An important role in the development of Ukrainian-Turkish relations, scientific contacts and cultural tics was played by the All-Ukrainian scientific association of orientalists founded in January 1926. It focused its activities in the political-economic and historical-ethnological directions. Many studies were devoted to Turkey, to its economy, policy, history and language. It was just that association, along /214/ with the Turkological Commission headed by Academician A. Krymsky and some other public and culture figures, that in the late 1920s and 1936s kept up a dialog between the two countries through contacts with Turkish colleagues.18
Later on, Stalin's isolationism and World War II led to a practically complete degradation of Ukrainian-Turkish relationships. Only in the 1960-1980s, when relations between the Soviet Union and Turkey were normalized and considerably improved, Turkey's economic, scientific-technological and cultural ties with Ukraine intensified. But they did not have any political overtones and could not be developed independently by the two nations.
4. Restoration and Development of Bilateral Relations at the Present Stage
Real bilateral relations began to be restored only when the USSR was in a deep crisis, and preconditions emerged for Ukraine's becoming independent. The first documentary evidence of this became the 1989 Protocol between the Turkish Republic and the Ukrainian Soviet Socialist Republic on the development of economic and trade relations.
In the spring of 1991, Turgut Ozal, the then President of the Turkish Republic, came to Ukraine on an officfal visit. On March 13, 1991, the President met with the Chairman of the Ukrainian Parliament. The leaders of the two countries adopted a joint statement and signed the Declaration on principles and goals of relations between the two nations. Specifically, the Declaration noted: "Proceeding from the mutual intention to continue good traditions laid down by the Treaty on friendship and fraternity of January 2, 1922, Ukraine and Turkey declare about their desire to develop mutually beneficial cooperation in political, economic, ecological, scientific-technological, informational, cultural, humanitarian and other spheres."19
The Ukrainian side emphasized its desire to support /215/ the Turkish President's initiatives on creating a zone of the Black Sea cooperation as one of the ways of developing integration processes in Europe. In this respect, the Declaration manifested willingness of the two countries to work jointly for environmental protection, primarily of the Black Sea, and elaboration of a corresponding ecological convention. The visit also resulted in signing documents on cooperation in the spheres of telecommunications and culture, and an understanding was reached on establishing the Ukrainian-Turkish Association for foreign economic and trade relations. On November 20, 1991, ten days before the All-Ukrainian referendum on independence, Turkey announced about establishing consular relations with Ukraine.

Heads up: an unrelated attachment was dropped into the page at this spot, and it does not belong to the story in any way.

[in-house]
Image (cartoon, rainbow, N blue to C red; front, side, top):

The USSR disintegration and creation of independent Ukraine put new tasks before Turkey and opened up new prospects. On March 5-6, 1992, Turkey's Foreign Minister Kh.Cetin made an official visit to Kyiv, during which the Protocol on consultations in foreign policy matters was signed. And in May 1992 Ukraine's President L.Kravchuk came to Turkey on an official visit, the first in the history of bilateral relations, during which the Treaty on friendship and partnership between Ukraine and the Turkish republic was signed.
The two sides confirmed "their obligations within the framework of all documents signed earlier and now efficient acts, especially the Treaty on Friendship and fraternity between Ukraine and Turkey of January 2, 1922. The Treaty of May 4, 1992, laid down the foundation for a comprehensive bilateral cooperation in political, economic, cultural and other spheres. It provides for development of direct ties between enterprises as well as close cooperation in the fields of environmental protection, science, technology, communications and informatics, tourism and sports. It was noted that "the sides agree to conduct consultations with a view of coordinated development of their relations and exchange of opinions on international and regional matters". Particular attention is attached to partnership in the Black Sea /216/ region on the basis of the Declaration on the Black Sea economic cooperation, signed on June 25, 1992, in Istanbul by eleven countries of the Black Sea region and stating mutual obligations of the member-countries to gradually lift constraints on the flow of capital, goods, services and people. The agreement provides for the development of infrastructure as well as maximum encouragement of business partnership.20